Gov. Abbott hints at Monday announcements on bars, child care, possibly sporting facilities
Gov. Greg Abbott is preparing to announce the next phase of reopening Texas on Monday.
Ahead of that announcement, Gov. Abbott joined News 3 at Six to discuss the state of COVID-19 in Texas.
See the full conversation in the video player above.
This week, our County Health District told us they do not believe we have reached the peak here locally. We’re not the only county reporting that kind of modeling. How does the state reconcile reopening, albeit slowly, while public health officials in some areas are saying the worst is yet to come?
Well, I’ve got to tell you—remember some of the early models that predicted these dire outcomes for the state of Texas? Talking about deaths reaching like 260 per day and these skyrocketing projections—and it just never panned out. So what we look at is the real data about what’s taking place, and here’s the fact: the fact is that the growth rate of COVID-19 in the state of Texas is leveling off. The fact is that hospitalizations, for example there are 28 fewer today than there were yesterday, and yesterday they were lower than the day before. The fact of the matter is that hospitalizations in the state of Texas have stayed relatively flat during this entire time. The most important thing that you have to look at is hospitalizations. We don’t want Texas to become like New York or New Jersey. When it comes down to what really matters, which is hospitalizations, Texas has done a superior job to almost any state in the United States. Bryan-College Station, the Greater Houston area, every place I know of in the state of Texas looks great.
It has been reported that you yourself conceded that there might be a surge in cases as the state reopens. Do you believe our hospitals are ready for that? How do we know we are ready for that?
Because I looked earlier today at hospital availability across the entire state of Texas. There are so many hospital beds available. What we’ve done is we have allowed additional operation procedures to take place so that everybody could take care of all their health care needs while still having abundant hospitals as well as ventilators to make sure that everyone would be able to be taken care of. Just know that the growth rate of this virus is—listen if we continue the safe practices that we’ve had, of washing your hands and safe distancing practices and wearing a mask while you’re out, we will be able to open up in a safe way: allow people to earn a paycheck and put food on the table while at the same time containing COVID-19.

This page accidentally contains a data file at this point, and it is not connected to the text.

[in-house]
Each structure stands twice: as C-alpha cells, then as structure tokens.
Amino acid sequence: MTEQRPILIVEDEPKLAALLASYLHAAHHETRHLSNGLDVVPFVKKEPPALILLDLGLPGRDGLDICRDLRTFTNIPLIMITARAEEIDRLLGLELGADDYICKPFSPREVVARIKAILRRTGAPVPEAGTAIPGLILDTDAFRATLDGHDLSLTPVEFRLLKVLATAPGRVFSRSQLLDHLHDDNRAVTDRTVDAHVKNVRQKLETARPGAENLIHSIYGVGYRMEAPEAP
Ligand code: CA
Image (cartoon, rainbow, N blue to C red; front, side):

We’re hearing from local non-essential workers who say they need access to child care as they’re expected to go back to work and earn a living. As you certainly know, licensed child care facilities are only open for children of essential workers right now. How and when are you addressing this need for non-essential workers?
Child care is so incredibly important to the people who want to get back to work. That’s exactly why I’ve been working with my team of medical advisors as well as experts in this area of providing child care, understanding that when you are taking care of children, it’s difficult for them to practice safe distancing practices. They’re coming from a lot of different homes, and they are returning to those homes. We need to work on safe ways. We’ve been working so hard on it, I sure hope to be able to announce something this coming Monday.
What is the hold-up with reopening bars, and will we see any changes to this policy in Phase 2?
Listen, I really appreciate the way bar owners have been working with my office, providing us with great strategies. You know, bars are set up to operate in a way that’s opposite to what we’re seeking to do in COVID. In COVID, we’re trying to practice distancing practices, but bars bring people together. So bars have to operate counterintuitively to what they typically could. Bar owners have reached out to us, talking about ways they could set up like restaurants where people would be sitting at a table, separated from others. So we’re looking at some of those strategies, talking to our doctors about them, and just like with regard to daycare, looking forward to making an announcement on Monday.
You are encouraging Texans to wear face masks when they’re out and about—particularly in busy spaces, like grocery stores. To be clear, you have not mandated it. But what is your message to Texans who refuse to wear masks—and who boycott businesses that require them—on the basis of civil liberty?
Wearing a face mask is one of the best practices. What we all want to achieve and what will allow us to open up businesses even more is the more we do to slow the spread of COVID-19. There are four things you can do to do that. One is wear a mask. Two is sanitize your hands. Three is to make sure you maintain these safe distancing practices. The fourth—which may the most important—is if you are age 65 and older, especially if you have other health conditions, it is important that you try to stay at home because we don’t want you to be exposed to COVID-19.
Since gyms are reopening in a limited capacity, would you consider allowing school athletic facilities to reopen at some capacity for student-athletes to start getting back into shape for fall sports?
You know, we’re looking at sporting activities across the board. We’ve consulted with leaders in that industry, and we’ve provided and shared information with our medical team. They’re going through that analysis as we speak. Again, [we’re] seeing if there is any possible way we can announce anything about that on Monday.